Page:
Axel-In-Charge: Waid & Samnee on "Black Widow" and the Dawn of the All-New, All-Different Era
A few weeks back, while I was in the midst of finalizing this email interview with Marvel exclusive writer Christos Gage, Marvel was kind enough to share preview pages from Gage’s Avengers Academy 7 (set for release this Wednesday, December 15). I contacted Gage to discuss the appeal of going exclusive with Marvel, his work on Avengers Academy; his collaborations with Mario Alberti; the Invaders Now miniseries; and his love of letters columns–as well as juggling myriad assignments along with his video game writing.
Tim O’Shea: In terms of the life of a freelancer, how less stressful is it when you gain an exclusive contract as you currently have with Marvel?
Christos Gage: Well, as any freelancer will tell you, a big part of your job is lining up future work. So knowing that I am guaranteed work from Marvel is a load off my mind, allowing me to focus less on nailing down that next job and more on making the stories I’m writing the best they can be.
O’Shea: With Avengers Academy–while the students are the core of the series, it’s the instructors that offer almost as much interest for me. For example, I love your use of Quicksilver. Was it your idea to have him in the cast, or how did he get added? Are there certain eras of Quicksilver history that appeal to you and fuel your approach to the character?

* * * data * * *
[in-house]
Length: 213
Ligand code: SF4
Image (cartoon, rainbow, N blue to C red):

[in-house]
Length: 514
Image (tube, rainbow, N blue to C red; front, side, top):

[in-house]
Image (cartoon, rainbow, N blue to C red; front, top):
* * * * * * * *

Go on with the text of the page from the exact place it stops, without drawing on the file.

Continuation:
Gage: I asked for Quicksilver because I thought he fit in perfectly with the theme of the instructors being Avengers who have flawed, checkered pasts. Avengers Academy is meant to be a place of redemption for student and teacher alike. Just as the best counselors for people trying to stay off drugs are recovered addicts, the Avengers Academy teachers are people who’ve been down some tough roads and come back. Quicksilver was a teen villain, then a teen hero. He was raised to be a terrorist and grew to be an Avenger. My favorite point in Quicksilver history is when he first joined the Avengers…he did this incredibly heroic thing in terms of breaking from Magneto, and putting himself out there in front of a world that hates and fears mutants…but the whole time he was constantly backseat driving and second-guessing Captain America, of all people! Now that’s what I call cojones. Quicksilver is so much fun to write because he gets to say all the snarky things I want to say to people who irritate me, but don’t want to get smacked in the mouth for.